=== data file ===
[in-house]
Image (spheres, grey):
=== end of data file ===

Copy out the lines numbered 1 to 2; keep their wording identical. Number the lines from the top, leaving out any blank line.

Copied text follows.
[in-house]
Image (spheres, grey):